The fifth chapter
The fifth chapter focuses on how China's media evolved. During the previous regimes, the media was used by the government to spread propaganda. However, after 1950, the country's media was empowered, and there was a change in the way matters of national importance were reported. During that time, the country was also involved in the Cold war with other major world powers such as Russia and the United States. I believe the media, which was being controlled by the Communist party had to exercise tact when reporting major events because the ruling party did not want to cause civil unrest. The country had just come from a protracted civil war, and they were only keen on rebuilding the nation. Different approaches were used to prevent the masses from knowing the truth. For instance, during the Korean War, the country's media would distort the truth and only report what the Communist party wanted to convey. They employed a technique known as guerilla coverage where they used different authors to comment on one particular issue. The Communist government was keen on influencing the citizens into supporting its policies. The Chinese people were disadvantaged at the time because they could not access outside media and therefore they had to rely on what was being broadcasted on the local media.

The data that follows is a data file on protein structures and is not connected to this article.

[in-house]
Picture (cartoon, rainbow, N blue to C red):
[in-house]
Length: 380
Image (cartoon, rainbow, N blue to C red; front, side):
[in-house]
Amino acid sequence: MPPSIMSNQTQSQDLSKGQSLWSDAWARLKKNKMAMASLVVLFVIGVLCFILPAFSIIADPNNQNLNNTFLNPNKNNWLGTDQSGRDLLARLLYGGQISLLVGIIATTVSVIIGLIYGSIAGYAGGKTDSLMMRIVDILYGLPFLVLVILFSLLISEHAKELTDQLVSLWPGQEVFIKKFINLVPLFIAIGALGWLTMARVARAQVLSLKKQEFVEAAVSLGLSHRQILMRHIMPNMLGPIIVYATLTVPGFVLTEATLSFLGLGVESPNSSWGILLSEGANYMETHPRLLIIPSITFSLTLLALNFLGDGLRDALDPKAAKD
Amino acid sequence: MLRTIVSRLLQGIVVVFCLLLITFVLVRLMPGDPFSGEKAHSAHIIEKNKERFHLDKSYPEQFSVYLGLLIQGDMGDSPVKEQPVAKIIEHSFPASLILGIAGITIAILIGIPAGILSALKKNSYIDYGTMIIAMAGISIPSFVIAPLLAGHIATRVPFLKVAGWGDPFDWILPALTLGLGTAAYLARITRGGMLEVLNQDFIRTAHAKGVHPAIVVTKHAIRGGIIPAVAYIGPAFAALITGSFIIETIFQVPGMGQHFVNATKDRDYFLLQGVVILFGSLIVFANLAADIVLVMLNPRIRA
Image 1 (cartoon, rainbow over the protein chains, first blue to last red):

The sixth chapter
In the sixth chapter, the idea of Cultural Revolution is discussed. During this period, Mao Zedong was struggling to prove his credibility as a leader. He, together with other Communist leaders used the media to try and influence public opinion. It was however evident that the Communist system was failing. Masses of people were starving simply because Mao could not accommodate new ideas. I believe Mao tainted his legacy when he refused to welcome new ideas. He had been a great leader until when the country gained its independence. However, the independent Chinese state needed a different kind of leadership to prosper. Spreading propaganda using state-run media only made the situation worse because it prevented the masses from knowing what was going on in their country. Mao's massive control of the media was a great disservice to the people of China. It is unfortunate that the media was not allowed to report on real issues which were happening in the country. The reporters could only write about issues which were in line with Mao's policies. In my view, Mao's use of the media prevented the country from realizing its full potential and only compounded the problems which the country was facing.
The seventh chapter
The seventh chapter discusses the revolution that was witnessed in the country after Mao's death. I believe this was the best time for the country as it experienced growth in different sectors. The media was no longer controlled by the state and therefore could report on any issue. The independence of the media saw China grow not only economically but politically. For instance, in 1972, the then President of the United States Richard Nixon visited the country. This would not have been possible during Mao's era. The leaders who took over after Mao were more pragmatic and they helped the country prosper. During the Cold War, Mao spent his time vilifying the United States and it was impossible for him to foster trade relations with the country. The new leaders, however, understood that fostering trade relations with the United States would help steer the country forward.
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